Ola Mohammed, an assistant professor at York University, has shelves filled with books and records in her office. Her ardour for music likely sparked after hearing Tracy Chapman’s music for the first time when she was around six years old. She remembers asking her mother about the meaning behind Chapman’s songs and what they meant to her.
In “The Art of Black Cultural Production,” a video featuring Mohammed uploaded by York in February 2021, she says that moment was the first time she encountered Black studies and Black feminist thought. Black artists, she says, can delve into the interiority of Black life.
“Oftentimes, there’s this kind of disconnect in understanding Black life and Black being on its own terms,” Mohammed says. “When we do Black studies, it often gets caught up in thinking about particular numbers of violence that Black people disproportionately experience, which is absolutely important for us to understand.
“But the thing is that Black people don’t just exist in relation to violence, right? We are also creative — we live everyday, ordinary lives, too,” she says.
Mohammed names hip-hop music as an example, which can articulate themes of identity and the struggle to belong. K’naan and Shad, for instance, are two Canadian and East African artists whose music resonates with Mohammed.
“Hip-hop music was one of the ways I was able to make sense of my relationship to Canada and belonging to these types of groups,” she explains, adding that she’s a second-generation immigrant to Canada and is East African herself.
During her time as an undergrad, Mohammed wrote about this connection for a critical race studies class she took at McMaster University, which she graduated from in 2011 with a combined honours in English & Cultural Studies and Anthropology.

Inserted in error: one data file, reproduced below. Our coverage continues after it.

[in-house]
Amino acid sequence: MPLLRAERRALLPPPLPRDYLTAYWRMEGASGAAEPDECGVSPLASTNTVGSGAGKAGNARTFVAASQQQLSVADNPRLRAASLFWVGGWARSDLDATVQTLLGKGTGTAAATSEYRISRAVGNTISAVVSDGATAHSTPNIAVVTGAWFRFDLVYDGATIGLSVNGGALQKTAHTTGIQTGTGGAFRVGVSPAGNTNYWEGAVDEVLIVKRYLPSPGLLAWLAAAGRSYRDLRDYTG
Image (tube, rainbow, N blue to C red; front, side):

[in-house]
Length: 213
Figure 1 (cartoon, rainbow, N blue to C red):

This term, Mohammed is teaching HUMA 4307: Black Toronto Sounds and CLTR 3318: Black Popular Culture. She also does research in Black studies, cultural studies, and sound and popular music.
Pop culture, she asserts, is a way to disseminate knowledge for the masses; music and art are mediums that can address understandings of race, identity, and placemaking practices.
Jellisa Ricketts is a first-year PhD student in York’s Black Studies & Theories of Race and Racism stream, within the graduate program of Social & Political Thought. Ricketts, whose work includes Black geographies and filmmaking, agrees that art is a form of knowledge that can highlight lived experiences.
“It allows us to express parts of Blackness and experiences that are maybe difficult to vocalize but can be imagined in different ways,” Ricketts says.
In 2021, for a Dean’s Award for Research Excellent (DARE) project, Ricketts created Recommended Readings and Film, a publicly accessible database that showcases literature and art in Black and African studies based on the user’s searches.
“I think people should recognize that there is a big local music scene here, where there are a lot of folks who are very talented and innovative,” she says.
Mohammed names a few ways of supporting these local artists: talking about them, streaming and/or purchasing their music directly from their websites.
She adds that one way of discovering more local acts is by attending festivals like Honey Jam, which has “worked with young emerging Canadian female artists of all cultures.”
“There’s constantly events that are going on in Toronto,” Ricketts says. “It’s a hub for so much Black creation.”
She locates the local art scene around York — like Jane and Finch, for example — as an area that she says produces lots of great art that ranges from music to paintings.
“The Nia Centre for the Arts is a really great resource. It’s a Black Toronto-based non-profit that focuses on the Black diaspora and the arts,” says Ricketts.
Mohammed and Ricketts urge Canadians to seek out local Black artists — explore, enjoy, and support their work.
“Think about the artists from here and what kind of messages and stories they tell about Black life in Canada,” says Mohammed.